While we like to think that the information stored on our computers is safe and protected from any harm, that is unfortunately not the case. Data loss by hardware attacks, ransomware, and other cybercrime is always a looming threat. Plus, you can’t forget about system failure.
Ultimately, there are many ways you or an outside user can destroy or displace the information on your computer. As most rely on their laptops rather heavily, especially those who work from home, it’s become essential to back up files and avoid compromising sensitive information. There are many ways to do this, so keep reading to find out the best way to back up data at home based on your needs.
WHY YOU SHOULD BACK UP YOUR DATA
Sometimes all it takes is a spilled drink or accidental drop, and your system is damaged for good, destroying all files that once existed there.
Backing up your data will help keep all your sensitive documents safe and easy to access. The methods listed below make it so you can always pull up pictures, emails, presentations, and other important files at the drop of a hat!
TOOLS TO BACK UP YOUR DATA BY YOURSELF
Many are surprised at how simple it is to back up data. Often, you can protect all your system files in just a few clicks!
- USB Flash Drive
Let’s start with the obvious. Are USB sticks (AKA flash drives, thumb sticks, and jump drives) a reliable tool for long-term data storage? While they are convenient and affordable, they may not be the best for your work device.
Their storage capacity generally ranges from 128 MB to 256 GB, which may be too small for all your work files, but it could work for personal use. Since they are so small in size, it’s very easy for them to get lost or destroyed, which poses a huge risk to work or personal files.
The perk is that you do have a tangible way of holding onto your data, which many prefer. However, we think there are plenty of more advanced solutions without as many downsides that you should consider.
- HDDs and SSDs
Hard drive disks (HDD) and solid-state drives (SSD) are other popular physical storage options, both of which are compact and easy to store at home. When comparing the two, SSDs are a clear winner. They’re faster, more reliable, and require less of your device’s energy and battery life to operate
Both options allow for fast data transfer which is a nice perk, especially if you are moving large files or a lot of data all at once. External hard disks and SSDs are also compatible with almost every electronic device that holds data, which adds to their popularity.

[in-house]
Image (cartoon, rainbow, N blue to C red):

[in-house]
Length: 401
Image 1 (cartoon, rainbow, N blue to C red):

- NAS Device
A Network-Attached Storage (NAS) device acts as a mini-server where any device within its wireless network can access its stored data. They’re a bulkier physical storage option, but they could be a great option for at-home use if you tend to frequent more than one device, i.e., a desktop computer and a portable laptop.
NAS devices connect through hard-wired Ethernet cables or Wi-Fi. File transfer times are much slower because they are plugged into a router versus a device. However, they are generally a safe and secure way to back up data, as long as you stay up-to-date on operating system updates, avoid using too many ports at once, and follow other NAS security best practices.
- Cloud Backup
Last but certainly not least — this brings us to the Cloud. Online backup services provide a streamlined way to store and share your data without the need of a physical storage device. It makes copies of the information you upload and stores these copies on a secure server with high-grade encryption.
Some may argue that Cloud storage services aren’t necessary if you are just backing up data at home and are more appropriate for small businesses or offices. Google Drive and Dropbox can be used as free backup software. Both options make it easy to browse file history and store large amounts of important documents in one place.
However, if you require more than the baseline — i.e., a backup system that is more secure and offers greater storage capabilities — you should look into a more advanced home data backup solution. Plus, if you are subject to a cyberattack or drive failure, the backup service can help you restore the data that was lost with the click of a few buttons.
For backing up data at home, many find the traditional external hard drive a perfect and reliable solution, while others enjoy the ease of cloud storage space. All file backup methods have pros and cons, so we recommend researching which option suits your specific needs. And if you work from home, it is important to talk with your employer about their backup policies, as they may have particular guidelines and stipulations within the company about how you should back up your data.